Saturday, November 12, 2011

Cool! I'm a revolutionary!

Devoting one’s life to an activity with little chance of bringing any sort of significant cash reward is a revolutionary act within the virulent capitalism we inhabit.

Completely harmless — no threat — and so completely allowed. But my power, I think, comes from the fact of not buying in to the competition, the market place, somehow creating peace and art in a sphere outside the sphere of power is itself a power. I may not be noticed much, but I am outside their power structure, which may make them slightly nervous, but not so much since I am broke so what can I do (until I start Occupying some street or other). Also thinking being in a sphere outside the power-marketplace sphere, in my space they cannot hurt me. The safety of not playing the game.
Eleven Eleven Reading on 11/11/11 with 11 poets.

Really liked Eric Selland, but he is very academic type, a little unconscious of anything outside of that, and went way over his time limit. He asked rather late, am I over my time? And a woman in the audience said Yes! But he went on like he didn't hear her, and then Hugh finally got up and went over towards the end of the aisle and started clapping at the end of the next poem, so everyone else clapped and the poor guy realized he was done.

I liked what he was reading a lot. Lots of translations of Japanese haiku, which he says originally was one line, it was only through English translation that they became 3 lines, to fit with the english language. He wrote in the kindof abstract poetic style I love. "Self as grammatical formality" "To confront interpretation" a lot of lines with that device - "To..." "To..." is that called something? "The body, geology of the unimagined" (not sure if I'm remembering that one right). I'm not sure if that is him or the Japanese poets originally but I'm going to look for his books...

Also liked Rusty Morrison, she is always deep, mostly talking about death. I was thinking during her reading how there is so much pain in everyone, in all of us, and how at the same time, we make this stuff, this poetry. What are we doing? The life force attempts itself. Loved seeing Jessica Wickens again, who I read with a while back, does Twitter poems. She has a book too I need to find.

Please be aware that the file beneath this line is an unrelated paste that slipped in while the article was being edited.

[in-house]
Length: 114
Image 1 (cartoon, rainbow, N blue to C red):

Regretted not making the Black Surrealism thing at Poetry Center at the same time, and MISSING Will Alexander! How could I? But got my cool African-american poetry fix through Amaud Jamaul Johnson, who I'd not heard of and want to look up his books now. He read in a very slow paced way, which made me feel spiritual, sat up straighter, aligned my bandhas. Felt focused. "It's all pie-chart & phylum."

The rest of the people were the prose writers so I really have nothing to say but they were funny.

Sunday, November 06, 2011

Have been wondering the place for yogis in the Occupy movement. Haven't heard any teachers mention anything in regards to it until Marie today says The Silent Revolution begins, or something to that effect, which is only a reference by inference. Wondering if there are many churches or spiritual group directly involved? Haven't heard of it but I am really an outsider to it. Maybe not this:

I'm not part of it mostly because of no time. Work + Commutes=12 hours every day. Also yoga will always take precedence to a march, usually even to a poetry reading, or socializing. I can't go without, so really there is really no time. And I think also perhaps a slight aversion to going, although I agree with everything in spirit, don't think I actually want to be there in the midst of all those people, rubber bullets, and tear gas. I will just be meditating over here.

Also even though it is mostly non-violent on the activist's parts, it seems not quite; received a pamplet at the poetry reading last night, and there seems to be a discussion about whether non-violence or violence is the way to go. Yikes. From that I understand my aversion. How to Occupy while honoring ahimsa. An essay on ahimsa in activism would be very interesting to read.